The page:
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that when my master went into the house of Rimnion to worship there , he leaned on my hand , and I worshiped in the house of Rimmon ; in that I have worshiped in the house of Riramon , the Lord pardon thy servant in this thing . ' * According to this translation , instead of seeking permission to do wrong , Naaman shews the sincerity of his conversion , " not merely by good resolntions for the future , but by humble penitence for the past , " which justifies the blessing of the
Prophet , " Go in peace . " This at first view is satisfactory enough , and some at least of those who have adopted it seem to think they have rendered an important service by the suggestion ; but let us , Sir , consider the context . —An idolater , one of an idolatrous nation , is suddenly convinced by a miraculous cure , that the
God of Elislia is the true God , but unless a further miracle had been wrought upon his mind by divine iuflueuce , he could not so suddenly form just notions of this true Goil , or of the mode of worshiping him ; that he had previously sacrificed , as his countrymen did , to false gods , is not only to be inferred from the circumstances he was in , but is evident from his declaration that he would sacrifice in
future only to Jehovah . And what a notion lie had of Jehovah is evident from his supposing it necessary to carry earth with him from the land of Israel to build his altar , which , by the way , Elisha did not object to as unnecessary . He expresses no regret , no compunction for
his previous idolatrous sacrifices , or for the other crimes he had committed ; but according to the proposed amendment , he implores pardon for the semblance of idolatrous worship in attending on the king his master . Now , Sir , what kind of a conscience must he have had to act
in this manner ? Is it not more consistent with his opinion about the altar , that he was thinking of the future , not of the past , and trying to reconcile his duty to God and Mammon ? Hut , then what shall we say of the Prophet ? Would he countenance such conduct ? There is perhaps too much stress laid upon his parting benediction , which need
not imply approbation , and he might consider it a case in which it would have been casting pearls before swine , if he had attempted to remonstrate . Syria was at the time the great terror of the Israeliles , and the king of Israel had been so alarmed by Naaman ' s application as to have rent his clothes . The cure and partial conversion of this favourite of the king of Syria might contribute to peace between the nations , and Klisha might con-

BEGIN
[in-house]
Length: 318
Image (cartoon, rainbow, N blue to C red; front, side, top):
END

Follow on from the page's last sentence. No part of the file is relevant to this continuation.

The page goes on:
sider it better to conciliate than to irri < tate a powerful sovereign . I do not , however , pretend to remove all difficulty , nor do I consider it of much importance ; for we know that under the Gospel dispensation all such compromises are inadmissible . That great Being , who is
alike in all places , who dwelleth not in temples made with hands , and who regardeth not of what clay his altar may be built , requires that his true worshipers should worship him in spirit and in truth , and should abstain even from the appearance of evil .
Unitarianism at Sid mouth . To the Editor . Sidmouth , Devon , Sir , April 11 / A , 1831 . At the close of a course of Sundayevening lectures , whose design it bad been to inculcate the principles and enforce the practice of genuine Unitarian Christianity , it would be pleasing to
review their progress , even though the expectations of the sanguine had scarcely been answered ; but had throngs * attended them , in contradiction to the predictions of the most zealous , and had they been the sole means ( under Heaven ) of re-establishing a decreasing congregation on its ruins , the task would become doubly gratifying .
Such were the anticipations under which a series was commenced at the Unitarian chapel of this place , in the beginning of the past winter , and such the success which has uuiformly marked their progress . It may indeed be averred that our highly talented aud respected pastor , the Rev . William James , has not scrupled to declare what appears to us to
be " the whole counself God ; ** and if unexpectedly large and atteutive audiences be any satisfaction to an anxious and persevering minister , his labours have , in some degree at least , been reqnited . It deserves remark that the lectures , avowedly doctrinal , have be €% , without exception , more uumerously attended
than those of a different tendency ; thus for ever , in this neighbourhood at least , quashing the charge , "Unitarians preach nothing bat morality . ** On the IOth inst ., the first anniversary of Mr . James ' s residence among ns , he delivered his closing evening address for the season ,
Frequently 400 persons , with many more anxious for accommodations which c uld not be afforded from the a in alines s of the chapel .
Miscellaneous Correspondence .
Monthly Repository (1806-1838) and Unitarian Chronicle (1832-1833), May 2, 1831, page 349, in the Nineteenth-Century Serials Edition (2008; 2018) ncse.ac.uk/periodicals/mruc/issues/vm2-ncseproduct2597/page/61/